When the original “Forsyte Saga” aired on PBS in 1969, it was something of a phenom, helping to set the standard for miniseries and establishing the benchmark for the Masterpiece Theater skein. This eight-hour remake is more lavish and sensual, the acting generally graceful and convincing and the central themes more clearly delineated than in thelanguorous black-and-white original thatsprawled over 26 episodes. If you catch this “Dallas” with bustles in rerun on PBS, there are many delights and only a few drawbacks. If you enjoy only “Fear Factor,” “American Idol” and “The OC,” you probably won’t relate to these beautifully costumed but tightly corseted characters or their moral predicaments.
For Granada, the series is in the tradition of that commercial station’s best period pieces (think “Brideshead Revisited” and “Jewel in the Crown”) — even if the John Galsworthy novels from which this mini is culled are more narrowly focused than those more expansive epics.
The world of the Forsytes is that stuffy Victorian era of upper-class twits and top hats — much more “Upstairs” than “Downstairs,” as it were.
The action, encompassing 1874 to 1905, centers on Soames Forsyte (played masterfully by Damien Lewis), a man of property whose unhappy marriage to the exquisite but aloof Irene Heron (Gina McKee) is the centerpiece of the series.
The skein comes down in favor of what one character calls “spark,” — the word sex is never uttered — and points up the limits of loveless relationships. Every move the possessive Soames makes, for example, grates against his wife, who a free spirit (albeit a properly contained one). Other marriages offer variations on the theme, including that of Soames’ long-suffering sister, Winifred, and her feckless bounder of a husband, Monty.
That Soames, with his pallid complexion, milky eyes and haughty demeanor, manages at different times to be sympathetic is a tribute both to the screenwriter and the actor.
McKee, too, turns in a complex performance, alternating between cool passivity and beguiling warmth.
Galsworthy’s overarching theme is the clash of cultures at the turn of the century (the 20th, that is) when traditional moral, cultural and social values were being challenged. Although there are redeeming qualities in the characters who espouse “the old ways,” there’s no doubt on which side Galsworthy, and the makers of this TV saga, come down.
Mostly, the viewer intuits outside events from the impact (or lack thereof) they have on the characters: We don’t see the Boer war, for example, but the younger generation is caught up in it.
And while we don’t see, in fact, very much at all beyond the verbal interaction between the central characters within their lovely homes, those homes are emblematic of the characters who inhabit them: Soames’ is an invidious shade of green, while the country house built for Irene is open and airy.
What makes the individual Forsytes interesting and ignites dramatic conflict is the fact that as a clan, they are divided in their approach to the world.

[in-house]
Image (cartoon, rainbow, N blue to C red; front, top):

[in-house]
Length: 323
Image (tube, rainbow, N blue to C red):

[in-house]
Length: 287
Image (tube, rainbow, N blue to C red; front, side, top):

Not that the older generation of Forsytes is despicable or unlikable — or without humor. As one of the elder aunts points out, “the loss of a husband is nothing compared to the loss of a good butler.”
After Irene eventually leaves Soames — on the heels of a disastrous love affair (she is not cold with everyone) — she gravitates toward the more artistic, open-hearted wing of the family, represented most endearingly bySoames’ cousin Jolyon, a painter who lives in relative poverty and runs off with his daughter’s governess.
Here, Colin Redgrave takes a lovely turn as Old Jolyon, and though Rupert Graves as Young Jolyon and Gillian Kearney as the latter’s elder daughter June are also fine, these latter two actors seem so close in age it’s hard to think of them as father and daughter.
Like most good British series, this one admirably captures the texture and tone of the epoch. Dialogue is always in keeping with the times (though occasionally hard for an American ear), the posture of the characters always correctly stiff or decorously relaxed — an art pretty much lost by TV thesps playing period in America.
There are also moments of high drama, though that concept is miles from what we’ve come to expect in our popcorn-movie culture. Still, it works, as when Soames, losing all composure, bites his lip to blood upon seeing Irene and young Jolyon dining together at the very restaurant his French shopgirl mistress manages.
There’s also a quite remarkable scene in which Irene leaves the conjugal bed after having intercourse with Soames, and goes through the elaborate motions then required to douche herself. (It eventually reverberates throughout the family that the two sleep in separate bedrooms.)
There are also betrayals, reconciliations, a rape and even perhaps a murder, though the circumstances remain ambiguous.
The series is left open-ended, with Soames having finally succeeded in fathering a child, though pipped at the gate by Irene — and her consort.
A follow-up series, which originally aired on PBS last fall, traces the lives of the younger Forsyte generation, focusing, not surprisingly, on the direct offspring of Soames and Irene.